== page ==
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Society may harm your health

To collect data for the article Rationale Behind Socially Influencing Design Choices for Health Behavior Change, I moved to Spain to work in a company as interaction designer with their design team. In the article, I left unmentioned one observation that was carved into my mind and that I think about until today. The impact of society on technological design I came across through this design team’s experiences.

The article presents – among others – four categories influencing the design of applications targeting behaviour change for patients. The following figure shows them in homocentric circles. The practitioners usually started thinking from the outer circle to the inner.

Homocentric cycles showing user/patient in the centre in the social environment of the condition, which is in the social environment cycle, which is in the medical condition cycle
  • The medical condition influences the design mainly in terms of accessibility, for example the design is adjusted to accommodate for the patient’s shaky hands, blurry vision, or any type of severe fatigue.

  • The social environment influences the design based on preconceptions and beliefs of the cultural context. For example, if one experiences lung cancer, people may think that he was smoking heavily, whereas one who experiences breast cancer is perceived as a female hero, a survivor. However, a person experiencing lung cancer may have been smoke free all their life, and the breast cancer patient may be a male.

  • The social environment of the conditions is how the patients act within the condition, for example female breast cancer patients are active, we see the pink ribbons even in the supermarket, but how often we see dark or light blue ribbons for colon and prostate cancer respectively?

  • Finally, it is the patient who is seen as a user of the technology.

The social part covers 50% of the design team's rationale.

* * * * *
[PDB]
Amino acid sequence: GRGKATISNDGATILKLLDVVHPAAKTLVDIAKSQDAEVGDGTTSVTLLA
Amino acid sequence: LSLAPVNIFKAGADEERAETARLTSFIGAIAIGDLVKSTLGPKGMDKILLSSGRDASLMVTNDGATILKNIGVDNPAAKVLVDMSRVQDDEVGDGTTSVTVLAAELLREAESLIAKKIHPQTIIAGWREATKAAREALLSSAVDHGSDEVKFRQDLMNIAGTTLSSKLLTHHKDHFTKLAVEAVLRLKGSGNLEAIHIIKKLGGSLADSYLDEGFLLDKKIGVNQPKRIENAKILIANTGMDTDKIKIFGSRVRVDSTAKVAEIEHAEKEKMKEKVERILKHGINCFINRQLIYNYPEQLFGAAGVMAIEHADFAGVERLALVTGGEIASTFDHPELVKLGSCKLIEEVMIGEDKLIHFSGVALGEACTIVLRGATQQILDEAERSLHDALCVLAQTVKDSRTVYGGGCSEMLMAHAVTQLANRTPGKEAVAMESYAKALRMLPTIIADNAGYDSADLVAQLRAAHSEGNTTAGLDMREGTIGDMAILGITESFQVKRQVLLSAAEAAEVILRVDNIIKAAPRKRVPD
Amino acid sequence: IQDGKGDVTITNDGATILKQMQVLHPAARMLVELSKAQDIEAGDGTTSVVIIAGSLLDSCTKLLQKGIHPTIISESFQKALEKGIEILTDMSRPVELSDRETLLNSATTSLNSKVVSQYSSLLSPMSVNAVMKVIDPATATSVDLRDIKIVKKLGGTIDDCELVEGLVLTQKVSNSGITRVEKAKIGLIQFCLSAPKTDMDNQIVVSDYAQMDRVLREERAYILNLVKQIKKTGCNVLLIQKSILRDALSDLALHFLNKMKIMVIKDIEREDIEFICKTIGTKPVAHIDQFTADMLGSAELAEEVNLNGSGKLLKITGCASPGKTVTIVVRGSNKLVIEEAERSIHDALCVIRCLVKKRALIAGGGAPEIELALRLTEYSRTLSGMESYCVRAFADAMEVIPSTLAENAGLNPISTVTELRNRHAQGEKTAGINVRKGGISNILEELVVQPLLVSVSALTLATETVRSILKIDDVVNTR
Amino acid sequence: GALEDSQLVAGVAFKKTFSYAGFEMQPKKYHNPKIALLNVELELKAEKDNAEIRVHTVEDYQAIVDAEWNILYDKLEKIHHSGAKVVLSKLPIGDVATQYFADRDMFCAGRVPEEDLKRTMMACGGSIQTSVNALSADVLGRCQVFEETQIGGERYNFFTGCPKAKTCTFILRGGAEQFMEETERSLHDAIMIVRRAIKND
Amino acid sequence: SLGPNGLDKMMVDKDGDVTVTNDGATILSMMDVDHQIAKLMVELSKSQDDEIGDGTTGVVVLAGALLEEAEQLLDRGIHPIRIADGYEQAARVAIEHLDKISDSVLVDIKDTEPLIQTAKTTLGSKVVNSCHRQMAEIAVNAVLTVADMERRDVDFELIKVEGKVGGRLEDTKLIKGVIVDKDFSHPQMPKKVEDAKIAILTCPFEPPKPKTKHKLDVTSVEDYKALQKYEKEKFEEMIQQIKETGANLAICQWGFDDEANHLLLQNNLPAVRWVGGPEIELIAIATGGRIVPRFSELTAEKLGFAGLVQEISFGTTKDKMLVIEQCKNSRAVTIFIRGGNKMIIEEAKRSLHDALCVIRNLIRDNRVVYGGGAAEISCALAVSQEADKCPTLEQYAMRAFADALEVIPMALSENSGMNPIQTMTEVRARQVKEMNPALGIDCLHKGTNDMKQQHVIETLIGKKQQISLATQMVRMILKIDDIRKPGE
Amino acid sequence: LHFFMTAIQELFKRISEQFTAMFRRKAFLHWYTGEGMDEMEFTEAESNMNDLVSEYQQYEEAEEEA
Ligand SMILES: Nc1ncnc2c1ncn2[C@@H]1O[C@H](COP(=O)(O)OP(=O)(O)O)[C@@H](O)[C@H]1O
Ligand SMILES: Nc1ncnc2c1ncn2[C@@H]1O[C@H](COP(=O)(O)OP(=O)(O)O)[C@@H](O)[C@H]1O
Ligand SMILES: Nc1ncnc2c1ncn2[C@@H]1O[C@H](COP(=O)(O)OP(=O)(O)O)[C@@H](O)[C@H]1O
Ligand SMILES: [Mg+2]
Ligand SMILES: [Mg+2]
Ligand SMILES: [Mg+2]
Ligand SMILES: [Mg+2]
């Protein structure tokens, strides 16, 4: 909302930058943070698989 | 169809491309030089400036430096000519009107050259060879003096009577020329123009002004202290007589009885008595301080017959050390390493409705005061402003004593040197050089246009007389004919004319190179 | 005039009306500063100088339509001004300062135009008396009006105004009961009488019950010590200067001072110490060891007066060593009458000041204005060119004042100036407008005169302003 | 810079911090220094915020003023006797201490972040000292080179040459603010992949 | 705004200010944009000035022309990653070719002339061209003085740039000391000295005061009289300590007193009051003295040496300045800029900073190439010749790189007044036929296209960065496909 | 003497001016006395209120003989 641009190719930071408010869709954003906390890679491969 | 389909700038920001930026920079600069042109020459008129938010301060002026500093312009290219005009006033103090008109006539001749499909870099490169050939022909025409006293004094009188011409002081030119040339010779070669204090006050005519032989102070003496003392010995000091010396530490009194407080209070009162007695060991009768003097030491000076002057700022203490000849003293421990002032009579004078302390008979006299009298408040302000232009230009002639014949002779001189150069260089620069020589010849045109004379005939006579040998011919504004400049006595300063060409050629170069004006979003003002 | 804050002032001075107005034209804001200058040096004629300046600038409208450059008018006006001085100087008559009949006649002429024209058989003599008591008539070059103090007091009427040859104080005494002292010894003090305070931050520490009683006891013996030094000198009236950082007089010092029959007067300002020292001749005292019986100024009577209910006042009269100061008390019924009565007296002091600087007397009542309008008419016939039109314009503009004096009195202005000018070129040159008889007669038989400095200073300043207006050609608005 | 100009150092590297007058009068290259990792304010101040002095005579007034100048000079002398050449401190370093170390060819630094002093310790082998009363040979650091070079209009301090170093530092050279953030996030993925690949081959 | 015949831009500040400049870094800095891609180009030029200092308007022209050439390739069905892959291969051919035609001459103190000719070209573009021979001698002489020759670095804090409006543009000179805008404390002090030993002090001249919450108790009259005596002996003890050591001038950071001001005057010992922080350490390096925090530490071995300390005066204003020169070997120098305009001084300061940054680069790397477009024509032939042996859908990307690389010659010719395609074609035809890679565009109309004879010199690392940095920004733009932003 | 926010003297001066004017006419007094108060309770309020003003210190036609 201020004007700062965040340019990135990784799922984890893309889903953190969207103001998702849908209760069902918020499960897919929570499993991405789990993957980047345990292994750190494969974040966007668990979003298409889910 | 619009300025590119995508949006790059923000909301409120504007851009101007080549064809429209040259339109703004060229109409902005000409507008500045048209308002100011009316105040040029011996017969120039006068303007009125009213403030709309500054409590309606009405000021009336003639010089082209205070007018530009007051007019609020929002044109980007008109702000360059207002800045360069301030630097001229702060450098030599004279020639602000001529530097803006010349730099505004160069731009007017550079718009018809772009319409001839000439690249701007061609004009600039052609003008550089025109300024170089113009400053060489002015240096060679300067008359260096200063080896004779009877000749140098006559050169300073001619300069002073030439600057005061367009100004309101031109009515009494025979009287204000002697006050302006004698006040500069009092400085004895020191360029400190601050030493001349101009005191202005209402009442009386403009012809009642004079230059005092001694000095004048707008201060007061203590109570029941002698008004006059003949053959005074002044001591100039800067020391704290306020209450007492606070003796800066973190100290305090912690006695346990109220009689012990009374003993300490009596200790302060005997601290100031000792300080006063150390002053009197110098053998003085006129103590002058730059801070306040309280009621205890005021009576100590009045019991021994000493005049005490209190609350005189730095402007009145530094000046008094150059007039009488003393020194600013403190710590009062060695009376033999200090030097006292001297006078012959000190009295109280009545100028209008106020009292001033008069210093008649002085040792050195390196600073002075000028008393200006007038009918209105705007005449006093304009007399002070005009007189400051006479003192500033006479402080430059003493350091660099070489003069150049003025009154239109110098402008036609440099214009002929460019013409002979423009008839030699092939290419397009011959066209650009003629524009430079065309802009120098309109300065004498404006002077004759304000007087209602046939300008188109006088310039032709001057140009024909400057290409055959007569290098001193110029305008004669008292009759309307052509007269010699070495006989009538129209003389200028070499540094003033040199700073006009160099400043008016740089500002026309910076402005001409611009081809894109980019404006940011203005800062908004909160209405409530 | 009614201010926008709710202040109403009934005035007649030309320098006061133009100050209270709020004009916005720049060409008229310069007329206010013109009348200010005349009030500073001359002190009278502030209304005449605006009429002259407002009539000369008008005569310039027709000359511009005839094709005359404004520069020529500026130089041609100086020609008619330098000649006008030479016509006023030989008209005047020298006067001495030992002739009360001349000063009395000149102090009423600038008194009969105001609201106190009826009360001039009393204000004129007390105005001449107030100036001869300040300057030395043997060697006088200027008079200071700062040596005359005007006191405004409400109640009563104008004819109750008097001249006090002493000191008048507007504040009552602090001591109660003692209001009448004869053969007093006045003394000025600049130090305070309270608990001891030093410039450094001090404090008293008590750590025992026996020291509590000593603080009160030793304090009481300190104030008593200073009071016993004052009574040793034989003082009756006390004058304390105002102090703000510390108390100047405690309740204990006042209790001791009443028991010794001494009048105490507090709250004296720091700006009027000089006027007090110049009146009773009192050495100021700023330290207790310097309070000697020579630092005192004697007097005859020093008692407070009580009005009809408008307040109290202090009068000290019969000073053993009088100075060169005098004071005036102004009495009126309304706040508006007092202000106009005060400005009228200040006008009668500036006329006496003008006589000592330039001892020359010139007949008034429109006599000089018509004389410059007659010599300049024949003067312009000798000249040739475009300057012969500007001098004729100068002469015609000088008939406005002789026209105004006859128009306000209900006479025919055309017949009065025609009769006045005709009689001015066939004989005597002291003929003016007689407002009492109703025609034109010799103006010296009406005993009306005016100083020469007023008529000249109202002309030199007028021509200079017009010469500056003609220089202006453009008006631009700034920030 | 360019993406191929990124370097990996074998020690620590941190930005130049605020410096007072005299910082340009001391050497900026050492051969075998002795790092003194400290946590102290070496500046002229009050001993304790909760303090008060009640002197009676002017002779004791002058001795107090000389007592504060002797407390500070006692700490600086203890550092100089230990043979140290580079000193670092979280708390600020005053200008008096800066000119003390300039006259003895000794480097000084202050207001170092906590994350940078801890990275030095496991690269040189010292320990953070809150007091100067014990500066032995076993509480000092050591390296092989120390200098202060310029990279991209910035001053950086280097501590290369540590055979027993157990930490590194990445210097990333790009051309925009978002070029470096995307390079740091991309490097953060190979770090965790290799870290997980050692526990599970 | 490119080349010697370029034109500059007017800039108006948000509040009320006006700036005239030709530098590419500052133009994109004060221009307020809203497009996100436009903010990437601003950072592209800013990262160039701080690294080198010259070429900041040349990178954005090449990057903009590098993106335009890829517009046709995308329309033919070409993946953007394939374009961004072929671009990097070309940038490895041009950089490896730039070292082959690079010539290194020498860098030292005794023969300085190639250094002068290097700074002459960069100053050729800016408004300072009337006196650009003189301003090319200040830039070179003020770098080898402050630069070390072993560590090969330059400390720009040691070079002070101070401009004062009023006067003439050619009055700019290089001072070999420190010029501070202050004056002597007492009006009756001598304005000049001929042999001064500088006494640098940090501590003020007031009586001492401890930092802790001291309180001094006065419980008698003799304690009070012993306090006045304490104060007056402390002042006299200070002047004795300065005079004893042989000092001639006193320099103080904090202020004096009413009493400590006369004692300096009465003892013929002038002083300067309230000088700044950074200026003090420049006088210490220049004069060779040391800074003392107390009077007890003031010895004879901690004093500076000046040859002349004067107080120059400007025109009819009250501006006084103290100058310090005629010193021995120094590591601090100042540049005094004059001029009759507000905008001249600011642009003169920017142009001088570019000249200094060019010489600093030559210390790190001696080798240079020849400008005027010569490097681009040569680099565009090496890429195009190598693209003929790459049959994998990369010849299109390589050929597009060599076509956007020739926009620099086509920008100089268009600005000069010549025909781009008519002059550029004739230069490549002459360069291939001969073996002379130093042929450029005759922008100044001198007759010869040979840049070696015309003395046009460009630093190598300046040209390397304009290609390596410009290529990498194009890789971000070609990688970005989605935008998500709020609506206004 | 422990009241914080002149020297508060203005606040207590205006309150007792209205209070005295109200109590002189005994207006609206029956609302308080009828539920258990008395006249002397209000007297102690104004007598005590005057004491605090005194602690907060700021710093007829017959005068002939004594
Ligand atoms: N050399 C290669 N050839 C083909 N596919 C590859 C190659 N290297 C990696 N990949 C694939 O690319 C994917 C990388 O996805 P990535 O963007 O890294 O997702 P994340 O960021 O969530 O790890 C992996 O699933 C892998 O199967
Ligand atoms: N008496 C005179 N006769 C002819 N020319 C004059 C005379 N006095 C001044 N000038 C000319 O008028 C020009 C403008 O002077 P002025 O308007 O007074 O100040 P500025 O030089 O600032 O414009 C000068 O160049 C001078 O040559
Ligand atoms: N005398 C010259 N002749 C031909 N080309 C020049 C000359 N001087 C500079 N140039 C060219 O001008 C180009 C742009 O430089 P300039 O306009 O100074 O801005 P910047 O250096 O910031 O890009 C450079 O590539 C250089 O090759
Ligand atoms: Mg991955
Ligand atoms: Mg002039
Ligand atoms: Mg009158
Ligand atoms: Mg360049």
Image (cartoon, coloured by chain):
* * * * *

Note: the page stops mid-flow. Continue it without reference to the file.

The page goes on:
Society can harm your health visualised in a cellphone screen as it would have been on a cigarette package

First, I worked on a breast cancer app for female patients. The design of the app had social features that connected the patients with each other, that was from the start of the design process. There was no question IF the social features would be implemented but HOW. Then I worked with the design of a prostate cancer app. There the social features were left to be discussed at the end as the least necessary, even though the literature and a psycho-oncologist (in an interview with the senior designer) supported the opposite. Why so much resistance then?

The senior designer gave me the answer that the patients chose to keep their condition for themselves and close family because of the social preconceptions and beliefs. The cancer treatment may lead to side effects on the patient’s sexual life. Even though this is also a reality for females experiencing breast cancer, in the case of males experiencing prostate cancer, it was an issue. Apparently, in Spain (and based on my experience this is the same in Greece and in general Mediterranean countries) the sexual life of a male is related to masculinity. Therefore, if one openly says that he has prostate cancer, it is like he admits that he is less of a man, as prostate cancer implies sexual dysfunction. This condemns the patients to isolation, and they may experience feelings of deviance and loneliness because they may be the only prostate cancer patients they know.

Chronic conditions and especially cancer influence negatively patients’ mental health, and mental health issues in people with chronic conditions are often left overlooked. Contact with other patients is important for feeling that they are in a group, fight loneliness and take courage. However, an app designed to have social features may scare the users away from using the app. On the other hand, if we leave the social features out of the app, we (designers) become accomplices in a way to the decline of the users’ mental health.

Our society, how each one of us think and act, can harm people. Our preconceptions are carved into our minds and often we act on them without even noticing. How can we, as designers and as individuals, be aware of our actions, reflect on them and make a shift to a healthier, more empathetic, and more understanding society?


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